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pro-rata and backdoor roth?

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  • pro-rata and backdoor roth?

    I think I missed the boat on this pro-rata rule as it relates to backdoor Roth IRA conversions..

    I have $44,000 in a Traditional IRA (money rolled over from my 401a/403b in fellowship in 2016). I have $44,000 in a Roth IRA (don't think that is relevant in this scenario - but provided it anyway). I have been doing Backdoor Roth conversions for the last several years (this year included). I don't quite understand the pro-rata rule, but am I making a mistake in doing Backdoor Roths in this scenario?

  • #2
    Sorry, but you will need to amend your income tax returns for the last 3 years to pay taxes resulting from the pro-rata rule. Complete Form 8606 for each year and also check your state regs. That's as far back as the SOL runs, but you also may have a basis problem before that and I honestly don't have the time to research. This is definitely something you need to run by your CPA.

    Maybe @spiritrider will drop in.
    Working to protect good doctors from bad advisors. Fox & Co CPAs, Fox & Co Wealth Mgmt. 270-247-6087

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    • #3
      Johanna pretty much has it covered. I might go back and review the Form 8606 for the years prior to the first amended return. Verify the non-deductible basis you did/did not carry into the first amended return.

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      • #4
        ouch. any idea roughly what this would cost? Does this mean I won't be able to do Roth IRA conversions going forward?

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        • #5




          ouch. any idea roughly what this would cost? Does this mean I won’t be able to do Roth IRA conversions going forward?
          Click to expand...


          You can always do Roth conversions. It's just that they will be part or all taxable. No idea of the cost. And look into whether you can roll your current pre-tax TIRA into your employer's 401k/403b to resolve the problem going forward (ask for a copy of the SPD if you don't have one).
          Working to protect good doctors from bad advisors. Fox & Co CPAs, Fox & Co Wealth Mgmt. 270-247-6087

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          • #6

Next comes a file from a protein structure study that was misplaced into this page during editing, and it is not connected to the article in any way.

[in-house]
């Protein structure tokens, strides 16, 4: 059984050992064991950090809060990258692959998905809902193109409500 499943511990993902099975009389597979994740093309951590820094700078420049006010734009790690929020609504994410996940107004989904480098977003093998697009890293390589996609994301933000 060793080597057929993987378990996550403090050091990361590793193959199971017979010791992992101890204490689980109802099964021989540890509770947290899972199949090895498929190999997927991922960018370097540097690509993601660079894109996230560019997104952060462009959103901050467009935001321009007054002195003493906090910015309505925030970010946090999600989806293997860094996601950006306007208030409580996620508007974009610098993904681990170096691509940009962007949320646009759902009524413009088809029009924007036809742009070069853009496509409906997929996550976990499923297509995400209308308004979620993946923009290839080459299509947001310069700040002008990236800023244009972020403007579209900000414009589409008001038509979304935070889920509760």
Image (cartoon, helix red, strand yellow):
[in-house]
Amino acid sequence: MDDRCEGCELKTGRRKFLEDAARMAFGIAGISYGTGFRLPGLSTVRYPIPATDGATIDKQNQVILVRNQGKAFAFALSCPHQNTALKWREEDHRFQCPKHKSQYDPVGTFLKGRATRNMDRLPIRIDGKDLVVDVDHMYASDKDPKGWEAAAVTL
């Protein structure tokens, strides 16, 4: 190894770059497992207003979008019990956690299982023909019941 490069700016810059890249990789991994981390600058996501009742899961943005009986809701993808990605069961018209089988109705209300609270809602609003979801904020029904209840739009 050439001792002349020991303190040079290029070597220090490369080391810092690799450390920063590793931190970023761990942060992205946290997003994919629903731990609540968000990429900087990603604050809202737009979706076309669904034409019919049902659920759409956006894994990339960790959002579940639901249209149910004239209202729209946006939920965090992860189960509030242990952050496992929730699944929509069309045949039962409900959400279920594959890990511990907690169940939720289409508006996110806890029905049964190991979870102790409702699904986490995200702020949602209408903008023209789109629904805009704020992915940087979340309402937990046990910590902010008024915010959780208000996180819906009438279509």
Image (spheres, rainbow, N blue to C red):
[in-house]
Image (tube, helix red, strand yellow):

The tax amount will be the amount you should have paid but for the incorrect IRA deduction in 2016. This will roughly be your marginal tax 2016 rate * the disallowed deduction, e.g. 28% * $5,500 = $1,540. The IRS interest rate for all of 2017 and 1st quarter 2018 = %. So if you file the 2016 amended return relatively soon the interest penalty will be < $1,540 * 4% = $61.60.

            While it is too late to recharacterize 2016. You should take advantage the fact that 2017 is the last year for Roth conversion recharacterizations. This will allow you to effectively undo the 2017 Roth conversion.

            Then if as suggested by Johanna, you can and do rollover all pre-tax IRA balances including the earnings into a 401k, 403b, etc... You can do a Roth conversion of the 2016, 2017 and even 2018 contribution if you want with little to no tax liability.

            You then will be freely be able to make Backdoor Roth conversions in the future. You just need to be careful in the future. With the tax reform, starting for tax years beginning 01/01/2018 no more Roth conversion recharactrizations are allowed.

            .

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            • #7
              Covered well above. Roll that traditional IRA over into an employer's 401(k), a solo (individual) 401(k) or something else that doesn't have the letters IRA in the title. The other option, which may not be a bad option given the new lower tax brackets, is to convert all $44,000 and pay the taxes on the conversion.

              Do one or the other, and the Backdoor will be wide open in the future. Unless, of course, new legislation closes it. But we should be good for awhile.

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